The Baroque Cycle is a trilogy comprising Quicksilver, The Confusion and The System of The World set between the late 17th to mid 18th Century. Politics and pirates, UK, USA and Europe, coinage and counterfeiters, alchemy and natural philosophy, gold and mercury, cryptography and computing all play a part in this colossal work by Neal Stephenson.
Each book in the trilogy has its own plot or focus, but rest assured that the “direction of travel” is always the same, no matter what meandering occurs, every twist and turn has some significance not to be ignored! This might give you an impression of complexity, and you’d be correct, because these are not some easy to read novels with a unity of storyline or a single hero moving through the decades. You will meet a central character, Daniel Waterhouse, an Englishman living in Boston, Massachusetts, who receives a letter to return to England from Princess Caroline who wants him to repair the scientific feud between Gottfried Leibnitz and Isaac Newton. Daniel is an old friend of Isaac from their university days and readily agrees before setting sail for home. However his journey is interrupted by pirates who seem determined to prevent him returning, and the tale jumps between working with the crew to thwart the pirates, going back in time to his growing friendship with Isaac Newton at Cambridge, as well as descriptions of the earlier adventures of the ship captain and crew. By the time you get to the third book in the trilogy, most of the setting is in London as Daniel and Isaac, who is now Master of The Mint, work together to foil a counterfeiting plot involving the destruction of English coinage at the behest of the King of France to bankrupt England. In each of the books the central theme is “money” represented by gold, banking, coinage and the part that the system of money plays in everything from politics to trade and more.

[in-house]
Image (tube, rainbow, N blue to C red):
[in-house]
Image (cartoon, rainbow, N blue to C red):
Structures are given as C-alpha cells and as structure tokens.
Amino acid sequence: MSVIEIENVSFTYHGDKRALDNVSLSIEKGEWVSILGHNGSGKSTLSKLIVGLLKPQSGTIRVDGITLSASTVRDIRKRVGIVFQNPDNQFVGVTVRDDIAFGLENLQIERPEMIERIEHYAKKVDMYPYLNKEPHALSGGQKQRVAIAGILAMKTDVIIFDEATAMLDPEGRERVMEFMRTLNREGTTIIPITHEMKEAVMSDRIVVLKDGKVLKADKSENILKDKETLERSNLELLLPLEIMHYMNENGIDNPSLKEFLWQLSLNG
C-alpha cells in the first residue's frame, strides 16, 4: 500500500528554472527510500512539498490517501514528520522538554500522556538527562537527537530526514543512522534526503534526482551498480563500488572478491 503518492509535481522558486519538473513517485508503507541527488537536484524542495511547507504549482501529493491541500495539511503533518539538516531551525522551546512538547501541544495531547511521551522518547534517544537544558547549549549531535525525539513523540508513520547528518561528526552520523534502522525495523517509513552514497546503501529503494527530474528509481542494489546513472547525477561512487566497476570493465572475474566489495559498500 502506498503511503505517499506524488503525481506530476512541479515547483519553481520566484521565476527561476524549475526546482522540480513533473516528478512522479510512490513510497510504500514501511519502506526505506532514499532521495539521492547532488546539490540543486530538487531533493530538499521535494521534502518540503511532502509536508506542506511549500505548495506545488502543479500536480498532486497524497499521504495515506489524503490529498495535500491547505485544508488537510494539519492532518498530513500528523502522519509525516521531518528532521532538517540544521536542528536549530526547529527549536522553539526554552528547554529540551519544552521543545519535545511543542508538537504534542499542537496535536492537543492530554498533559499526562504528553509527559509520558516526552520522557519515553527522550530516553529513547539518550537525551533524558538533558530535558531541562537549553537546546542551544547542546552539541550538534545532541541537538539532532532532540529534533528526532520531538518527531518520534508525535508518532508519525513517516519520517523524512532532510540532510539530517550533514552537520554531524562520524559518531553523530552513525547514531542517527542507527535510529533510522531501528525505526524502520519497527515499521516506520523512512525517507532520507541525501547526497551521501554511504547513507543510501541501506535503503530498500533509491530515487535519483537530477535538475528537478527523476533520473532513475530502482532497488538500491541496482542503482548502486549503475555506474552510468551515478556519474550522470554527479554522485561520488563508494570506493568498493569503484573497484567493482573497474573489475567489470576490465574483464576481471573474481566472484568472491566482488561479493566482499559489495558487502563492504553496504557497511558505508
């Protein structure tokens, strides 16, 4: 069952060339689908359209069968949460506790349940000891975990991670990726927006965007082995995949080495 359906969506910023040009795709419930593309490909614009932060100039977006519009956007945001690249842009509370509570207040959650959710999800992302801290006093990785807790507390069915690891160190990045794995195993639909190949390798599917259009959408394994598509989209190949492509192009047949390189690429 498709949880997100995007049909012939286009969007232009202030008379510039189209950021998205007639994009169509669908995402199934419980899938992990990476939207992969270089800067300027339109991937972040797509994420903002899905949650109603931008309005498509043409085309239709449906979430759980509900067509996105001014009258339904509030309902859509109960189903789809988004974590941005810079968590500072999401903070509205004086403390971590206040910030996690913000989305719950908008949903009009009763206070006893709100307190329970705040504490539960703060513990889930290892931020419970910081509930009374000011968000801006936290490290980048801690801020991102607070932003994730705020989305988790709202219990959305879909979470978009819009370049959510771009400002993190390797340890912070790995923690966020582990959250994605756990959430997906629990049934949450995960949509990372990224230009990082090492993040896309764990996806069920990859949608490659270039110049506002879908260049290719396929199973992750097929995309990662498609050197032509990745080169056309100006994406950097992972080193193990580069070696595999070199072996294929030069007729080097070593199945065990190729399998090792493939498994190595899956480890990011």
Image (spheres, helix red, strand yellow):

The trilogy is set in The Age of Enlightenment and The Scientific Revolution. Themes, events and people are accurately portrayed and described with significant parts played by Christopher Wren, Robert Boyle, Robert Hooke, Louis XIV, Charles II, William III, Benjamin Franklin, John Churchill, John Wilkins, Edward Teach and of course Isaac Newton and Gottfried Leibnitz. The Fire of London and rebuilding of the city, the formation of the Royal Society and the true story of Isaac Newton outwitting the infamous counterfeiter are all woven into the trio of plots.
Thoroughly absorbing is the only way I can describe this trilogy. You need to start it prepared for the long haul because there are multiple connections between characters and events within and across each book. Be patient and you will be rewarded with having read one of the greatest pieces of literature of the 20th Century and Neal Stephenson deserves every accolade received. A single piece of personal advice: read this trilogy BEFORE you read The Cryptonomicon, another stellar work by Stephenson which goes FORWARD in time to the 20th Century where we meet the ancestors of some of the central characters in the Baroque Cycle, even though it was written first. What you learn and understand from The Baroque Cycle will stand you in good stead for The Cryptonomicon.
I’ve always loved expansive historical literature of this sort.
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It really is expansive Eileen, the connected book I’ll review is as long as the trilogy!
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